A letter of intent generally contains a number. But unless the financial details of your business are public knowledge, the number is unlikely to bear even the most remote relation to reality.

A charlatan is likely to put a totally unrealistic number in their “offer” to dazzle you with an unbelievable payday. But don’t believe it. You can be sure that, once discussions start, that buyer will present all sorts of reasons – financial, legal, operational, governmental, etc. – to justify lowering that number. And as time passes between the LOI date and the supposed closing, the number will continue to get smaller.

Such buyers know that once you’ve begun investing time in the expected “sale” – and start “spending” the imaginary proceeds – you’re more likely to be pliable in negotiations.

A legitimate buyer is unlikely to put a number on the table because, until they see the financials, they’re unlikely to know what your business is worth.

Recognize the Time Required

Properly-priced businesses generally take somewhere in the neighborhood of six to 12 months to sell. Someone who claims to want or need to close in 90 days – or within any specific time frame – is suspect. Due diligence alone could require 90 days.

But would be correct to assume that a legitimate buyer that approaches you presents a scenario that eliminates the first two or three months of the customary six to 12 month period simply because no marketing is needed. The buyer is, theoretically, already in hand.

But still, due diligence, document preparation, financing and all the smaller issues that attend the transition of a business take time.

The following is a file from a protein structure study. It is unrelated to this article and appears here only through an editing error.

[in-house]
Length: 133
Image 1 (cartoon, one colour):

But beyond that, arguably the biggest time concern is that you have to run your business all the while this is going on.

Selling a business, even one represented by a professional, is extremely distracting for the business’ owners and managers. The time spent negotiating and strategizing the sale is significant and every hour spent on selling it is taken from the amount of time spent on running and growing it.

It is common for a business, especially those that aren’t represented by a professional, to suffer revenue and profit declines during what is always a hectic period because everyone at the top of the organization is so distracted with the demands of the buyer, in particular, and the overall transaction in general.

Have You Prepared?

There are certain aspects of selling a business that require preparation if the process is to run even moderately smoothly and have a chance of success. This is particularly true if the seller wants to get the highest possible value for what he or she has spent the last X-number of years building.

Are the financial books in order? Are all contracts – with vendors, clients, landlords, employees, etc. – current and enforceable? Are the employee records clear? Are taxes – especially employment taxes – paid to date? Has the balance sheet been updated or is it still carrying the original value of three 1992 Chevy delivery vans and a couple of ’79 sales department Pintos that have been sitting in the warehouse unused since you replaced them as a result of the 100% expensing provision contained in the Tax Reduction and Jobs Act of 2017? (The importance of a clean balance sheet cannot be overstated.)